15. Jyotsana, I am intrigued by your #14. Can you say more? How am I supposed to act around Sikhs in the US? What am I supposed to cover up? Growing up in India this aspect of the history was well-known. I don’t mean to offend anyone, but as a graduate student here I’m not always aware of the “red lines.”

  16. Browny,

    I would but HAF doesn’t carry a blog you see? There are of course other blogs, but I shan’t bore you with knowledge, since you are quite happy with ignorance!

    Shilpa,

    This doesn’t have to do with how you should behave with Sikhs in the US or anywhere else. Civility, courtesy and respect are universal values. And when you visit a Gurdwara the maryada that is due is simple, cover your head, don’t wear shorts or tank tops, be sober, don’t swear, don’t obstruct others, volunteer.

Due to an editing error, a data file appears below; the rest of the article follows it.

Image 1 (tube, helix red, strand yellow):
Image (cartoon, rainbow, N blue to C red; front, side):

17. And when you visit a Gurdwara the maryada that is due is simple, cover your head, don’t wear shorts or tank tops, be sober, don’t swear, don’t obstruct others, volunteer.

    So close!

    Wait. . . how sober is “sober” exactly?

  18. Most people who join the armed forces are from the rustic rural heartlands of the USA. They have a very constant definition of the USA and how they view our social institutions and demographics (i.e. xenophobic).

    In the army, you do rely on your pals. Surely that should teach you to look past all these divisions. No?

  19. Most people who join the armed forces are from the rustic rural heartlands of the USA. They have a very constant definition of the USA and how they view our social institutions and demographics (i.e. xenophobic).